10 Unique Ways To Celebrate Earth Hour This Saturday

David PenningtonMarch 16, 2024

10 Unique Ways To Celebrate Earth Hour This Saturday

What time is it? Time to mark your calendar for Earth Hour.

  • When: March 23
  • Time: 8:30 p.m. your time, wherever you are

We are fully aware that most of our readers don’t need a particular day or reason to celebrate our planet. After all, we make a point to travel far and see as much of it as possible — taking in landscapes and vistas, camping away from the hassles of every day. When called upon, Outdoorsy readers are usually the first to offer up help in supporting environmental causes to preserve the places we love to visit.

For everyone else, there is Earth Hour. 

The global event started in 2007 as a way for everyone to take a moment to acknowledge the impact humans have on the planet. In the first few years of the campaign, Earth Hour was marked by an hour-long period where everyone shut off their lights and electronic devices as a way to reduce impact and raise awareness about energy consumption. Through the years, Earth Hour approached a broader focus to what they stand for with this year’s theme leading to the question: What does nature mean to you?

“Nature not only provides us with all the things we need to live — from the air we breathe to the water we drink, and from the shelter we need to the economy we rely on — but also makes our lives better. However, its growing loss puts this all under threat,” the World Wild Life Fund for Nature wrote in a press release. 

On March 23rd, take an hour out of your day and dedicate it to asking yourself the question: “What does nature mean to me?” While you ask that question, you can celebrate the hour in your own, unique way. Here are a few ideas to get you started. 

Walk in the grass, barefoot.

Why not celebrate Earth Hour by participating in a little bit of Earthing. While it holds a bit of pseudoscience, there are those who believe that one can improve their health by “grounding” themselves by walking barefoot against exposed earth. The idea being: you align your energy with the energy of the planet. Frankly, who doesn’t like the feeling of soft grass between their toes?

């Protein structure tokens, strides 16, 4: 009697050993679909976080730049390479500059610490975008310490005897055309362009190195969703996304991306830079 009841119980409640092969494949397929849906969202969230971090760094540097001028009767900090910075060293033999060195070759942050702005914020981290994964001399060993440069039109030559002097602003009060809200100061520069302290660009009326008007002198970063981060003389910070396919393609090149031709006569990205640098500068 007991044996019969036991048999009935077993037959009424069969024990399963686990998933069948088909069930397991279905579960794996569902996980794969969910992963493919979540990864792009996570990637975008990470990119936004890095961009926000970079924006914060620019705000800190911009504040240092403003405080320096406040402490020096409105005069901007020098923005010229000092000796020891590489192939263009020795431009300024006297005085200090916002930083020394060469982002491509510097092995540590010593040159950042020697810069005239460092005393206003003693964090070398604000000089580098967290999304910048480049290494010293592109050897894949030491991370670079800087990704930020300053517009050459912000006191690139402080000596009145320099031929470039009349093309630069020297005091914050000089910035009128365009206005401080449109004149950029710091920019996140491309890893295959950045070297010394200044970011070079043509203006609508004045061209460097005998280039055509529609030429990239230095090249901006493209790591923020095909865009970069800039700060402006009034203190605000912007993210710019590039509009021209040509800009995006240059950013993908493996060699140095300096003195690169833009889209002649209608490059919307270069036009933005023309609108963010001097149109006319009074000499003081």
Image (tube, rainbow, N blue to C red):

Enjoy the evening by candlelight

In every old-timey period piece, there is usually a giant candelabra full of burning flames that give a warm glow to the inside. For most of our human existence, we relied on candlelight to do everything inside, after dark. Reading, cooking, gathering with others — all done by candlelight. Maybe this is a good a time as any to remind yourself why candlelight dinners are “romantic.”

Go camping!

Sure, it’s called “Earth Hour,” but there is no hard and fast rule which says you must retain to only an hour of celebration. March 23rd is a Saturday, and the early spring month means the campgrounds are probably less busy than usual. Go ahead, ask yourself what nature means to you, while surrounded by it.

Reconnect to your sleep

Have you ever lost power to your house and realized how much noise everything makes? I’m sure 20 percent of the ambient noise in my house comes from the ice maker in my freezer. When everything shuts off, it gets eerily quiet and oddly comfortable in the house. A good a time as any to catch up on some sleep.


Can you meditate for an hour? With the right support, I bet you can do anything for an hour. With the lights off and the power out, there are few things which can distract you from the mindfulness that comes with directly experiencing the human element.

Low-light photography

When was the last time you saw the stars? If you are a city dweller, it’s probably been a while. Even a single street light can make it difficult to see the celestial heavens above us. With the reduction in light pollution that is likely to occur during Earth Hour, it can be a great chance to embrace the dark and set up for a few long exposures.

Contact your congressional representatives

You know, after your lights go back on. Use this opportunity to spread the word about Earth Hour and the numerous environmental causes and relevant legislation you care about. Share with your friends over email, text, and social media to let your representatives know exactly how you feel about the planet.

Find the local flavor

A quick search will let you know who near you is hosting special events for the occasion. All around the world, prominent landmarks are going dark or are taking on a whole new type of illumination to celebrate Earth Hour. If anything, it can be a unique experience to view your favorite architecture in a whole new light — or the total absence of it!

Candlelight yoga

What does nature mean to you? It could remind you exactly what it is to be human. The same goes for yoga. Check out the schedule of your local yoga studio to see if any are hosting special candlelight flows. It is one way to make sure you leave the studio glowing!

Make the commitment

What kind of impact can you create by going without power for an hour? How can you stretch that impact out over each day, all year? Some people develop resolutions for themselves during the new year. Earth Hour is an excellent opportunity to create a new resolution to reduce your carbon impact and increase your commitment to the natural world.

David Pennington, Outdoorsy Author

Ready to get started.

Be the first to get doses of destination inspiration, and discount codes.

We care about the protection of your data. Read our privacy policy